The importance of strong expert testimony in a products liability case

The United States Court of Appeals for the Seventh Circuit recently considered whether a plaintiff in a products liability case had met his burden on a summary judgment motion in Bielskis v. Louisville Ladder Inc., 2011 WL 5829771.

In this case, the plaintiff, an acoustical ceiling carpenter, was injured while working at a construction site located in Libertyville, Illinois. He was working on a mini-scaffold when it collapsed, causing him to fall and sustain injuries. He claimed that a fracture in the caster stem of the device caused it to collapse and that the fracture occurred due to defective product design.

In support of his claim, he offered the expert testimony of a mechanical engineer who based his opinion that the scaffold was defective on his visual inspection of the scaffold. At issue on appeal was whether Bielskis had offered sufficient expert evidence to sustain his burden in defense of a summary judgment motion.

The Court of Appeals reviewed the plaintiff’s expert’s testimony and concluded that, more than anything, his “methodology sounded more like …'[t]alking off the cuff,'” especially when compared to the evidence offered by the defendant’s expert, who not only conducted a visual examination, but also conducted extensive testing and reconstructed the accident.

After rejecting the evidence offered by the plaintiff’s expert, the court concluded that in the absence of expert proof, the plaintiff had simply failed to meet his burden of establishing that the scaffold was defective:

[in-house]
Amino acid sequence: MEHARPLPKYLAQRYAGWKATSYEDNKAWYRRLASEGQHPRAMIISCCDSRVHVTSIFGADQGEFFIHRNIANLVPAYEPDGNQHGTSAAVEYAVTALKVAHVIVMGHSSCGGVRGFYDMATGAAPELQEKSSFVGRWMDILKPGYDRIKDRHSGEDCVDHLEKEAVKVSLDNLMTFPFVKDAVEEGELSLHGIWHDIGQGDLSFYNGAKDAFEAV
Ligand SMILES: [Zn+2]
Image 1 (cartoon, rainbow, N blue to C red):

(The plaintiff) had owned the scaffold for seven years at the time of the accident, and…advanced no particular evidence about its condition when it was received from the manufacturer. Thus, Bielskis has not marshaled sufficient evidence that the mini-scaffold was defective at the time it left Louisville Ladder’s control. Without evidence that the mini-scaffold was defective at the outset or that it was free in the 7 year interim period from any abnormal use, Bielskis needs more than the failure of the caster stem to prove his case… And with no expert testimony, he lacks evidence to support his product liability allegations of strict liability and negligence.

The Court of Appeals thus affirmed the dismissal of the plaintiff’s personal injury case based on allegations of products liability, thus confirming the importance of having strong, reliable expert testimony that is based upon rigorous testing, rather than simply visual observation. A personal injury lawsuit can stand or fall based solely on the strength of an expert’s testimony, as occurred in this case.

Howard Ankin of Ankin Law ( handles workers’ compensation and personal injury cases. Mr. Ankin can be reached at (312) 346-8780 and